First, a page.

Other than that? My date with Jessica is tomorrow. I’m so excited! It’s going to be so great. Just the two of us in the park, alone together. I can’t wait.
Tuesday, June 2
Didn’t find anyone today. Filled up more space with supplies. Not what I want to talk about.
I’d rather talk about my date. I’d been looking forward to it since the day we planned it, and it was amazing. Sitting in the park, alone with Jessica, talking and cracking jokes was the best date I had ever been on. Halfway through it I moved right next to him. He wrapped a foreleg around me and we ate together. I couldn’t stop staring at him.
When there was a lull in the conversation, Jessica looked up. “Look at that.”
“The sky. The whole city’s dark and you can see everything.” I looked up and it was true. The whole night sky was lit up by the stars. When all the lights in Phoenix were on, you couldn’t see any of them. But now, the only lights on are ours. We laid down on the grass and watched the stars, only moving to get closer to each other.
Jessica checked the time. “We should go back inside.”
“Alright. But don’t think I want our date to end so soon.” We kissed, and then walked back to the house together.
Monday, June 8
I haven’t made any entries for almost a week, I know. But nothing interesting really happened. We’ve searched almost all of the East Valley, and we still haven’t found anyone else. The storage building (Yes, storage building. Makes it sound like we actually know what we’re doing.) is filling up. We packed the bedrooms, study, and a bit of the garage full of food. That’s a lot.
Yesterday Jessica and I went on another date. Through some redneck engineering we were able to get on the roof of a house across the street and watch the stars. The tiles were a bit shaky, but when I curled up next to him, all my frustration with the search melted away. I can’t get enough of him.
Saturday, June 18
Today we finally found another survivor! We made it all the way up to north Scottsdale and searched around. After a few hours, Levi found some suspiciously broken windows. Jessica and I came over and we could see them from the street. It was clear that there was someone nearby.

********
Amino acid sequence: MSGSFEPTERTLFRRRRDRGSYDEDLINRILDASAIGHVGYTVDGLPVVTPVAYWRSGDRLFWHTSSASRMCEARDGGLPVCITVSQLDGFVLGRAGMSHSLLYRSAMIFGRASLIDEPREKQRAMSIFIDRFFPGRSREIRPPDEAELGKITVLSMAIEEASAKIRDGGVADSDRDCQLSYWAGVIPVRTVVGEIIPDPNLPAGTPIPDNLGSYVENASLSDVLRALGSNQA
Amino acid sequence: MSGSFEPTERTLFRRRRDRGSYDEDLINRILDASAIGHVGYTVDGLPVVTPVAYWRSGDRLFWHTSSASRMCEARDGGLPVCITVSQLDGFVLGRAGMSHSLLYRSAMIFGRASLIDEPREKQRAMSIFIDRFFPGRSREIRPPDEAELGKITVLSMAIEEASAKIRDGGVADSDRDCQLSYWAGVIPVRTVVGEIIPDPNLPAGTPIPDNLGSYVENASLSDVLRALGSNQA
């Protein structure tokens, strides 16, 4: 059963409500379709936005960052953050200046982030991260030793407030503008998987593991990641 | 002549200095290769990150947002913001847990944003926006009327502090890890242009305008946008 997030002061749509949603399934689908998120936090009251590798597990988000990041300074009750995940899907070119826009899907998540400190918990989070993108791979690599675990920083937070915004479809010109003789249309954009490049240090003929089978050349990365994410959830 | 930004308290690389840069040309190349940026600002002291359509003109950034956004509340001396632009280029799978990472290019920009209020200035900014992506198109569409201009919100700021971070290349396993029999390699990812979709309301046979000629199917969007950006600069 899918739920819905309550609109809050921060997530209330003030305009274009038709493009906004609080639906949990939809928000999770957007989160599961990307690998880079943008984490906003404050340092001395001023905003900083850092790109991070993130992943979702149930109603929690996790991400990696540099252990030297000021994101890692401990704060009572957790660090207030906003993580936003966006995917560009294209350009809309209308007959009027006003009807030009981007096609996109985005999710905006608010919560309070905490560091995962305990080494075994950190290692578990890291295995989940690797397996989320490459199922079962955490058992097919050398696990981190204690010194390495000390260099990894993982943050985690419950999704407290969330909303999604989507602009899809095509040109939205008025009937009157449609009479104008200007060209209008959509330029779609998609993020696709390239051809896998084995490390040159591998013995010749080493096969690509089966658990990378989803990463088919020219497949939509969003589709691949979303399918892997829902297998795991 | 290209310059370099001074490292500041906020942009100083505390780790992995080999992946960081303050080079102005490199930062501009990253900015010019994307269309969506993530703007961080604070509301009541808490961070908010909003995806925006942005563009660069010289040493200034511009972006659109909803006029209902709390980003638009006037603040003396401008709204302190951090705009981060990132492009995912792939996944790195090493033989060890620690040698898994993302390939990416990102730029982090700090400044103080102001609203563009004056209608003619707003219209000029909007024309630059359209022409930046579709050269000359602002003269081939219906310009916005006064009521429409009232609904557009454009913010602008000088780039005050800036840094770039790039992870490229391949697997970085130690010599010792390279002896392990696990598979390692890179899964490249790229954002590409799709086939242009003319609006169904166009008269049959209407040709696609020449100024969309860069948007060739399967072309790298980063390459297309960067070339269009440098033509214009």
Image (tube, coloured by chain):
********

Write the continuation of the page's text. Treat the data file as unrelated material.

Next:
We forced the gate open. It was a nice, well-maintained enclave of some small but nice Spanish-style homes. After making noise for a few minutes, nobody emerged. But all the houses on one cul-de-sac were broken into except for one. The three of us parked the cars and knocked on the door.
“Hello? Is there anyone in there?” Jessica asked. No answer.
“We can get you food and water. There’s a colony starting in Queen Creek.” I said, even though I’d hardly call it a colony. Still no answer. I put an ear to the door and heard the distinctive sound of a hoof on tile.
“Are you a pony too?” I asked. After a few agonizing seconds of waiting, the large door opened. Behind it was a chubby pegasus stallion who stood a bit taller than Jessica. He had an olive green coat, a disheveled brown mane, and cyan eyes. On his flank was the image of a car’s engine.
“Guess so,” said Levi. The pegasus invited us into the house. We passed through the entrance to the large living room. This place was fancy. Small, but fancy. Family photos hung on the walls, and everything was in earthy, neutral colors. He seated us on a large leather couch in the bright room and pulled up a similarly colored armchair.
“Hi,” he said. “My name’s Al, and I’m a pony.”
I laughed. “I’m Scott. The stallion to my left is Jessica, and the pegasus to my right is Levi. We’re starting a colony in Queen Creek, and in order to get enough supplies and to find other ponies, we’ve been driving around the city for the past two weeks collecting what we can find.”
I let Jessica continue. “You can come with us if you want. We have plenty of room, so don’t worry about being a burden. All you’d have to do is help us with collecting supplies.”
He didn’t respond, his head drooping as he thought. He looked up and gave a sad smile. “No, I won’t be.”
Levi leaned forward. “If you don’t mind me asking, why not? We have plenty of food, and electricity, and cars. It’s not like the movies.”
“I have to wait here.”
“Al, I have some bad news. Your fam–”
I cut him off. “Is that them?” I pointed to a picture, a smiling couple arm in arm with two beaming blonde teenage daughters beside them, above the fireplace with a hoof.